Veteran Loch Ness Monster Hunter Gives Up
Feb 13 2008 By Bob Dow
LEGENDARY Nessie hunter Robert Rines is giving up his search for the monster after 37 years.
The 85-year-old American will make one last trip in a bid to find the elusive beast.
After almost four decades of fruitless expeditions, he admitted: "Unfortunately, I'm running out of age."
World War II veteran Robert has devoted almost half his life to scouring Loch Ness.
He started in 1971. The following year, he watched a 25ft-long hump with the texture of elephant skin gliding through the water.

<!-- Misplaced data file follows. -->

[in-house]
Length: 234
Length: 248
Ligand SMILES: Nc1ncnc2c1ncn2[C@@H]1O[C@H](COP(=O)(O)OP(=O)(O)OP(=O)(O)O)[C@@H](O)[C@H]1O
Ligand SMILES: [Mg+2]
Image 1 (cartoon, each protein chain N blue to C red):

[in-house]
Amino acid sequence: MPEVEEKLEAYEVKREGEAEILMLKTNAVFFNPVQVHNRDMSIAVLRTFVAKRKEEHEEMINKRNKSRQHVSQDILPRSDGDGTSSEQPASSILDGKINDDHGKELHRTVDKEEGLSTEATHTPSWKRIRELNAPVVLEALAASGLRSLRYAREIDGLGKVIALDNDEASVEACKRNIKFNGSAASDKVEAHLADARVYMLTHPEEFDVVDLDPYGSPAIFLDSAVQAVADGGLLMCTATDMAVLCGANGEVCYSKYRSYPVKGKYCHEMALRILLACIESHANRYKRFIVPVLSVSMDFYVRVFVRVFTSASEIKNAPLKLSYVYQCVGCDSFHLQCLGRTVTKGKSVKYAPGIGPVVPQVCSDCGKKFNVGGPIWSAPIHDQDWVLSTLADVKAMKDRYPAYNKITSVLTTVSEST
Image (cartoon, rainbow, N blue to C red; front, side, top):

His original trip was to help another monster hunter with sonar equipment and quickly identified large moving targets.
He was smitten and returned the next year, which is when, he says: "I had the misfortune of seeing one of these things with my own eyes."
Since then, he has been obsessed with tracking down the creature with a staggering array of hi-tech equipment. It was this gear that took the famous "flipper" picture that year which created a stir around the world.
Despite having hundreds of sonar contacts over the years, the trail has since gone cold and Rines believes that Nessie may be dead, a victim of global warming.